Where did we ever get the idea that if we throw enough money at a problem, it will go away, and that there will not be any financial consequences?
Does solving a problem this way not create a bigger one? Have we completely forgotten about common sense, priorities, a balanced budget and bankruptcy? Don't these things apply to all levels of our society: family, city, county, state, nation?
Have we already forgotten what happened in Russia, as they spent themselves into financial destruction? Hasn't California recently issued IOUs for lack of money? Are we not as a nation, and a people, following in their footsteps?
Whatever happened to the rule, "If you can't afford it, don't buy it?" The idea of, "We can't afford not to" is in my opinion, a fool's folly. Whatever happened to our understanding that the most important things are funded first, and that when our available funds are spent, the remaining lower-priority items just don't get funded?
We may be able to afford the things we need, but we certainly cannot afford everything that we want. We have bought into the lie that, "You deserve it," rather than believing the truth, "You can't afford it."
We have also been hoodwinked by our leaders who legislate requirements and expect us, the taxpayers to pick up the tab. Leaders like these clearly do not represent us, but themselves, and it becomes an issue of taxation without representation.
With the increase in property tax assessments for the library (a wound which has not yet healed), we hear today that Pine Grove Fire District wants to increase our property tax assessments as well to consolidate with the Odell Fire District. The flyer which arrived today from them states that for the past five or 10 years they have been discussing this merger, but we the taxpayers, who are expected to cough up the money to pay for it, are just now finding out.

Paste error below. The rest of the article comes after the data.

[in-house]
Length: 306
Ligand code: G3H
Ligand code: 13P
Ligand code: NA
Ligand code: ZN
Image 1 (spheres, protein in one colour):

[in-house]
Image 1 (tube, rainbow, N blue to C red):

Why weren't we told about it when the library issue came up, so that we could consider priorities in that decision? It seems to me that the fire department might just have a higher priority than the library. Had we known, that measure just might not have passed.
Why were we kept in the dark? It almost appears that we are being manipulated to give our government more money to spend. They have already increased taxes for the library, and now they are trying to increase them for the fire department. Is the police department next?
This is not an issue of the merits of fire department consolidation; it may be a great idea. Instead, it is an issue of controlling our overall spending so that we as a county, and individual members thereof, do not become victims of bankruptcy, by being forced through taxation, to spend money we cannot afford to spend.
We are an agricultural community with a very thin profit margin. We are in the worst recession that most of us have known in our lifetimes, and we have not seen the end of it yet; many of us are out of work. Our coffers are either dry or nearly exhausted, and this is no time to strap us with the additional burden of another tax to pay: Some of us will not survive.
It is time to say "NO" to any request for increased spending. We must cap our budget, observe our priorities and increase spending in one area only as we decrease it in another. This out of control spending must stop, and will stop. Either we choose to stop it now (ourselves), or bankruptcy will stop it (as with Russia), or revolution will stop it (as with our forefathers).
The choice is ours.
Gary Simpson lives in Hood River.